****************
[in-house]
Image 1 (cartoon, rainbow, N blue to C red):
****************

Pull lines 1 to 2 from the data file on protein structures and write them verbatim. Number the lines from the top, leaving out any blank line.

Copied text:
[in-house]
Image 1 (cartoon, rainbow, N blue to C red):